is one of the following forms; that is, an expression is built up as linear arithmetic expressions over variables and constants and uninterpreted function applications.

```
e := v -- variable
| c -- constant
| e + e -- addition
| e - e -- subtraction
| c * e -- linear multiply
| v e1 e2 ... en -- uninterpreted function application
```

**Examples of Expressions** include the following:

`x + y - z`

`2 * x`

`1 + size x`

**A Relation** is one of the usual (arithmetic) comparison operators:

```
r := == -- equality
| /= -- disequality
| >= -- greater than or equal
| <= -- less than or equal
| > -- greater than
| < -- less than
```

**A Predicate** is either an atomic predicate, obtained by comparing two expressions, or, an application of a predicate function to a list of arguments, or the Boolean combination of the above predicates with the operators `&&`

(and), `||`

(or), `==>`

(implies ^{3}), `<=>`

(if and only if ^{4}), and `not`

.

```
p := true
| false
| e r e -- atomic binary relation
| v e1 e2 ... en -- predicate application
| p && p -- and
| p || p -- or
| p ==> p -- implies
| p <=> p -- if and only if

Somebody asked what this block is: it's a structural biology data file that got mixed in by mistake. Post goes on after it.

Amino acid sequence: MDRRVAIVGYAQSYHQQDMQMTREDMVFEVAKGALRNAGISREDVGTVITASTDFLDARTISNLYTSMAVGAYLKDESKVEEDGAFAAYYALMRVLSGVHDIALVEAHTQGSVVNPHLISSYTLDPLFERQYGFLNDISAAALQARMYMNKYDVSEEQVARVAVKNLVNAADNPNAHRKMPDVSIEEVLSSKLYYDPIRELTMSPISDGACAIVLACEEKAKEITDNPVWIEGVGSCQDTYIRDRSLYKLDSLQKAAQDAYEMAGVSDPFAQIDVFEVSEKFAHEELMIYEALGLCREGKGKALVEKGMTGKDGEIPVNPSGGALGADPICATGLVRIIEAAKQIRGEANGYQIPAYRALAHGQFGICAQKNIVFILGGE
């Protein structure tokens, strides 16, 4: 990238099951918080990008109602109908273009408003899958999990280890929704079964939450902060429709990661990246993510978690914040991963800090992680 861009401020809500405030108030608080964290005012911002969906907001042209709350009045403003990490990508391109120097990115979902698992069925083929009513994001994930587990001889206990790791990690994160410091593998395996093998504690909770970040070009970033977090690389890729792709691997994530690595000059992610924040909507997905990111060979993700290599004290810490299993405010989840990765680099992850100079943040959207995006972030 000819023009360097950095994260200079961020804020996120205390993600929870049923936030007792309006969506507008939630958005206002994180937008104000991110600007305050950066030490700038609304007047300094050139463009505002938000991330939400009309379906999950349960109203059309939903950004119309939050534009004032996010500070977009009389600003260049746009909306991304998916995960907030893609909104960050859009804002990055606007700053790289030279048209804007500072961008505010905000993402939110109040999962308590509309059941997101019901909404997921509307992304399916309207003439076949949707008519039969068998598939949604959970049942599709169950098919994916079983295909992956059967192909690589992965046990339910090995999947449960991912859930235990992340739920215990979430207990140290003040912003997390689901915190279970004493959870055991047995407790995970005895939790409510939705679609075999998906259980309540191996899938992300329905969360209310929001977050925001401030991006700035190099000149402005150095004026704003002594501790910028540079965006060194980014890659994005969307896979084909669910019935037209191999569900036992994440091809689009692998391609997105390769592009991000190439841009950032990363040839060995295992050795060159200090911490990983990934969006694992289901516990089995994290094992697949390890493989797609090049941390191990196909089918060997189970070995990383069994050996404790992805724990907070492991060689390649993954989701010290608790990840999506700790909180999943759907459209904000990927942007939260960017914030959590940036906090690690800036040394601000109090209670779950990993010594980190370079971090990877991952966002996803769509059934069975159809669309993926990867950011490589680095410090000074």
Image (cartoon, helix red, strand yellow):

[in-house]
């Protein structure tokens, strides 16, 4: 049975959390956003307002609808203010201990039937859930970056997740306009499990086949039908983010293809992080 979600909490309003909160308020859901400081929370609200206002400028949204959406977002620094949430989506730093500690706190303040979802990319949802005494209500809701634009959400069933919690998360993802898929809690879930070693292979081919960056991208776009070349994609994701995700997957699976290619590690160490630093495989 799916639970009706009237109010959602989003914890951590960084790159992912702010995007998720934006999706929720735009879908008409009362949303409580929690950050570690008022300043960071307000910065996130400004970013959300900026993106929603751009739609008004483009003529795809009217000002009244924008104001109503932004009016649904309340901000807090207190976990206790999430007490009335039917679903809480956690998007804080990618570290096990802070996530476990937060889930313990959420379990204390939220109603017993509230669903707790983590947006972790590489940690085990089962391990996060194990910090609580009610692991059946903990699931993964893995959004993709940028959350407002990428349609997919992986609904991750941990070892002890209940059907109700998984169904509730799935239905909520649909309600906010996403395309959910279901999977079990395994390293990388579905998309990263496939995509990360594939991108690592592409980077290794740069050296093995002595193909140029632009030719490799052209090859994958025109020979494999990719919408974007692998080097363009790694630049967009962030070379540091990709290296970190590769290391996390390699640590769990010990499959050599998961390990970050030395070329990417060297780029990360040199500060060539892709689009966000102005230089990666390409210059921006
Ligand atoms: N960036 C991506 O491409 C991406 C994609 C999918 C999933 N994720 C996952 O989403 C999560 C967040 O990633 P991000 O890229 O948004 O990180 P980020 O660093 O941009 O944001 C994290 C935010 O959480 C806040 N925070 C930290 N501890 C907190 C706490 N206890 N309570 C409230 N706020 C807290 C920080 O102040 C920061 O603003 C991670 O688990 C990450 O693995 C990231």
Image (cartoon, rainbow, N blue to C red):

| not p -- negation
```

**Examples of Predicates** include the following:

`x + y <= 3`

`null x`

`x < 10 ==> y < 10 ==> x + y < 20`

`0 < x + y <=> 0 < y + x`

The syntax of predicates tells us what they *look* like, that is, what we can *write down* as valid predicates. Next, let us turn our attention to what a predicate *means*. Intuitively, a predicate is just a Boolean valued Haskell function with `&&`

, `||`

, `not`

being the usual operators and `==>`

and `<=>`

being two special operators.

**The Implication** operator `==>`

is equivalent to the following Haskell function. (For now, ignore the signature: it just says the output is a `Bool`

that is equal to the *logical* implication between the inputs `p`

and `q`

.)

{-@ (==>) :: p:Bool -> q:Bool -> {v:Bool | v <=> (p ==> q)} @-}
False ==> False = True
False ==> True = True
True ==> True = True
True ==> False = False

**The If-and-only-if** operator `<=>`

is equivalent to the Haskell function:^{5}

{-@ (<=>) :: p:Bool -> q:Bool -> {v:Bool | v <=> (p <=> q)} @-}
False <=> False = True
False <=> True = False
True <=> True = True
True <=> False = False

**An Environment** is a mapping from variables to their Haskell types. For example, let `G`

be an environment defined as

```
x :: Int
y :: Int
z :: Int
```

which maps each variable `x`

, `y`

and `z`

to the type `Int`

.

**An Assignment** under an environment, is a mapping from variables to values of the type specified in the environment. For example,

```
x := 1
y := 2
z := 3
```

is an assignment under `G`

that maps `x`

, `y`

and `z`

to the `Int`

values `1`

, `2`

and `3`

respectively.

**A Predicate Evaluates** to either `True`

or `False`

under a given assignment. For example, the predicate

` x + y > 10`

evaluates to `False`

given the above assignment but evaluates to `True`

under the assignment

```
x := 10
y := 10
z := 20
```

**A Predicate is Satisfiable** in an environment if *there exists* an assignment (in that environment) that makes the predicate evaluate to `True`